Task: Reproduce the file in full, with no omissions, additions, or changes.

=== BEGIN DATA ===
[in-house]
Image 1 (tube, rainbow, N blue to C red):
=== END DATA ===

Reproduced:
[in-house]
Image 1 (tube, rainbow, N blue to C red):